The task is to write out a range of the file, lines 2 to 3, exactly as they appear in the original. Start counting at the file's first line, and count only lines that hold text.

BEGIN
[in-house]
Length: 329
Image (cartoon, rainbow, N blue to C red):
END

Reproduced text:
Length: 329
Image (cartoon, rainbow, N blue to C red):